Height: 24 - 30 inches
Length: 33 - 42 inches
Weight: 95 - 220 lbs
Gestation: 127 - 157 days
Offspring: 1 - 3
Life Span: 24 years
Also Called: pig-deer
The babirusa is a creature that looks a lot like a pig, but some scientists think it may
actually be related to the hippopotamus. Its most noticable feature is its hooked tusks,
which are overgrown canine teeth, and really function more like the antlers on a deer,
but they are brittle and can break off easily. It is these tusks that give the babirusa its
name, which means "pig-deer". The skin or hide of the babirusa is mostly hairless and
can range in color from brown to gray, with lighter shades on its undersides and belly.
With this coloration it's easy for the babirusa to blend into the forest's underbrush.
What few hairs it has on its hide are yellowish, white, or gray in color. The babirusa's
body is roundish and sort of torpedo-shaped, and its legs are long and thin. Its tail is
thin and about a foot long. The upper tusks or canines in the males, or boars, stick out
through the upper part of the snout and curve upwards and back towards the head. The
lower tusks stick out of the lower jaw and grow up and back as well, but not to the
degree that the upper tusks do. Both sets of tusks give the male babirusa a very odd
and threatening appearance. They will sharpen the lower tusks by rubbing them on
trees. The tusks of the females, or sows, are not as long or as large.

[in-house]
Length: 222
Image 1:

Babirusa are omnivores, which means they eat mostly fruit, leaves, or grasses, but will
also eat fungi, nuts, insect larvae, or sometimes even small animals (like rodents or
small birds) or more rarely carrion (meat of dead animals).
The bairusa can be found in the tropical forests and canebreaks and on the shores of
the rivers and lakes of Indonesia. However it is a nearly endangered species.
The babirusa doesn't have many enemies, other than wild dogs and humans.
Unfortunately they are hunted by man for their meat, in spite of the fact that they are a
protected species. Due to that fact and the increased loss of places for them to live,
there are only a few thousand babirusa left in the wild.
Because it's a shy and reclusive species, there isn't a lot known about the babirusa.
During the day they will wallow in mud, which helps to rid them of insects and parasites
on their hides. They also like to swim, and are very good at it. At night they forage for
food and graze on grasses. They usually live together in small groups of several adult
females and their young, although sometimes the group may have as many as 15 in it.
Males usually live on their own once they are mature.
Unlike other pig species, the babirusa has only 1 to 3 babies in each litter. During
mating season the males, or boars, will fight one another, often standing on their hind
legs to "box" one another and try to break their opponent's tusks. In the early part of the
year, the baby babirusa are born. The females will make a nest of underbrush and
grasses, where she gives birth to her small litter. The babies will nurse for 6 to 8
months but also start to become more active and will start to forage with the group and
eat solid food within 3 to 10 days. The young babirusa become mature at 1-2 years.
Babirusa rely most on their senses of smell and hearing, both of which are excellent.
They mainly communicate with low grunts or moans, and by clattering their teeth when